Female Soccer Players: Strengthen These 3 Key Areas

Soccer requires us to perform incredible amounts of running, jumping, change of direction, acceleration and deceleration – in other words it is one of the most demanding sports on the body. And, the anterior chain, or front of the body, bears the majority of the stress compared to the backside of the body.

Want proof?  Take a look at my quads. 🙂

Joking aside – it is vital that female players’ have a strong posterior chain to create balance between the frontside and backside of the body. This balance will not only help lead to improved performance on the field but can also play a major role in helping reduce the likelihood of injury.

Now, don’t get me wrong, I’m not saying that the anterior chain be neglected entirely in a training program. In fact, most female players will improve with becoming stronger in general, but there should be a premium placed on strengthening the posterior chain. Especially when it comes to training the players who are novices in the weight room.

I find that “pushing” exercises like squatting and push-ups are much easier for the majority of our female soccer players to perform than “pulling” exercises such as deadlifts and rowing variations.

Therefore I counterbalance these strength imbalances by targeting 3 main areas.

Upper Back

You might be wondering why the upper back – we play soccer on our legs?  Bottom line is that having a strong upper body is essential for three reasons: to help improve running form and speed, to be able to hold off opponents, and to allow for maximal leg strength and power to be obtained.

The inverted row and farmer carries are my “go-to’s” for upper back strength. Some might argue that the farmer carry is more of a core exercise, but in my opinion it’s the best bang for your buck in when it comes to building a strong upper back, core which ultimately creates better posture.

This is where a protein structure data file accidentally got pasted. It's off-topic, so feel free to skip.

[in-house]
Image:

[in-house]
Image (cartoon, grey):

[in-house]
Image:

Inverted Rows


Farmer Carries



The glutes are the powerhouse of our body. Want to jump higher, sprint faster, then you need a strong, powerful set of glutes.

I start every athlete with the KB Deadlift to ensure that they can hinge properly and then once that’s mastered we progress to the Trap Bar Deadlift.

KB Deadlift/Trap Bar Deadlift


However, once I’ve been working with an athlete for awhile I move to the Rack Pull to target the backside even more.

Rack Pull



As most of us are aware, there is an increase in ACL injuries among female soccer players. While this increase is directly correlated to the fact that more female athletes are playing soccer than ever before it also has to do with the fact that females tend to have weak hamstrings. And, when you have weak hamstrings in relation to strong quads it increases the risk of injury at the knee joint.

These two exercises are challenging but offer the most bang for your buck when it comes to “bringing up” strength in the hamstrings. The single-leg RDL is my favorite as it not only targets the hamstrings, but it also challenges single leg stability.

Nordic Hamstring Curls


Single-Leg RDL’s


Give these exercises a shot and witness how increasing the strength in these three areas can improve your performance on the field and reduce the chance of injury.



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3 Replies to "Female Soccer Players: Strengthen These 3 Key Areas"

  • comment-avatar
    Shane MCLEAN
    February 19, 2017 (1:44 am)

    Great article Lori and congrats on making the articles of the week on the PTDC. My 11 year old son plays soccer. What kind of strength training can I do with him? He basically a novice. Thanks

    • comment-avatar
      Lori Lindsey
      February 19, 2017 (4:45 am)

      Hi Shane,

      Thank you. I think anything from crawling (forward, backwards, laterally), different types of KB Carries, Skipping with red light/green light game, to any body weight exercises will be great for your son. Hopefully this helps – let me know if you need anything else or other ideas. Thanks for reading.

  • 8 Random Thoughts on Soccer Performance Training – Lori Lindsey
    March 4, 2017 (12:54 am)

    […] Build up the backside. I’ve written about this before – read it here, but it can’t be stated enough. The majority of the athletes I coach are great “pushers” […]

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